MariaDB [mysql]> exit

Install Nginx

Ghost runs on port 2368, which is different from standard web server port 80 typically employed by either Apache or Nginx. To direct traffic to Ghost, you need to configure a proxy server that will act as a front end. Ghost officially recommends Nginx as a proxy server, although you can use Apache to do the same job. To install Nginx, issue the following command from the terminal:

$ sudo apt install nginx

Install Ghost-CLI

Ghost-CLI is a command line interface (CLI) tool to install and update Ghost in the terminal. Ghost-CLI makes it easy to install Ghost CMS by selecting the database, configuring NGINX as a reverse proxy, setting up a Let’s Encrypt SSL certificate, and creating a systemd service with a single command.

The objective of the Ghost CLI project is to make setting up and maintaining a Ghost site as straightforward as possible for people who do not want to use Ghost(Pro).
Source: Ghost-CLI

Since Ghost-CLI is an NPM module, it can be installed using either npm or yarn. We will use npm to install it.

$ sudo npm install -g [email protected]

Check the version of Ghost-CLI using following command:

$ ghost -v
Ghost-CLI version: 1.11.0

Install Ghost

To install Ghost, navigate to the /var/www/html and create a folder for it.

$ cd /var/www/html
$ sudo mkdir -p /var/www/html/blog

Note: Installing Ghost in the /root or /home/USER folder won’t work and result in a broken setup! Please only use /var/www/html because it has the right permissions.

Once you’re done with creating the installation folder for Ghost, change the ownership of the folder to a non-root, sudo-enabled user. The installation of Ghost will not proceed if the ownership of the newly created folder remains with root user. For this tutorial, we have created a non-root, sudo-enabled user by the name bloguser. Check this tutorial to create a non-root, sudo-enabled user.

Note: Don’t give this new user the name ghost! Ghost-CLI will create a ghost user for managing the blog during installation.

$ sudo chown bloguser:bloguser /var/www/html/blog

Next, assign correct permissions to the installation folder.

$ sudo chmod 775 /var/www/html/blog

Change to the shell of the non-root user and subsequently navigate to the Ghost installation folder /var/www/html/blog to install it.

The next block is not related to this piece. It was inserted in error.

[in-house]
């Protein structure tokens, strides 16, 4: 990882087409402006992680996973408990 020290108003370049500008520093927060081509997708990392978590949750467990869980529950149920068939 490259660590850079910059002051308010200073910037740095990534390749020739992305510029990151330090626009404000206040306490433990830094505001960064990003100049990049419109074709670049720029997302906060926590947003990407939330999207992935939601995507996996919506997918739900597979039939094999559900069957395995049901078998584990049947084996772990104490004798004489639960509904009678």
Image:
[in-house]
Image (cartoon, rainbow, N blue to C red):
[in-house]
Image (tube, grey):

$ su - bloguser
$ [email protected]: cd /var/www/html/blog/

Now install Ghost using Ghost-CLI.

ghost install

Answer the prompts as followed:

? Enter your blog URL: https://DOMAIN.TLD
? Enter your MySQL hostname: localhost
? Enter your MySQL username: ghostuser
? Enter your MySQL password: PASSWORD
? Enter your Ghost database name: blog
? Do you wish to set up "ghost" mysql user? no
? Do you wish to set up Nginx? yes
? Do you wish to set up SSL? yes
? Enter your email (used for Let's Encrypt notifications) [email protected]
? Do you wish to set up Systemd? yes
? Do you want to start Ghost? yes

Your Ghost installation should be finished at this point! You can now access it via https://DOMAIN.TLD or https://SUBDOMAIN.DOMAIN.TLD, depending on your particular configuration.

Complete the Ghost CMS install & setup

To complete the setup process, point your browser to the Ghost CMS configuration page at https://DOMAIN.TLD/ghost.

STEP 1

Click Create your account.

STEP 2

Fill up all the details, like the blog’s title, your name, email address, and password. The email address and password will be used by Ghost to authenticate the admin user at later stages. Once done click Invite your team to add more members to your team.

STEP 3

Or, click the I’ll do this later, take me to my blog! link to visit the admin section and change your site’s theme or configure additional settings.

Your installation of Ghost CMS is complete!

You can now start blogging with this awesome platform. Consult the official documentation for theming instructions and other configurations.

 

Changelog:

Oct 2, 2019: Updated to work with Ubuntu 18.04